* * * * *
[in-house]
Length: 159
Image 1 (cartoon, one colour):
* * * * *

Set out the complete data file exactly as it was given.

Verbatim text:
[in-house]
Length: 159
Image 1 (cartoon, one colour):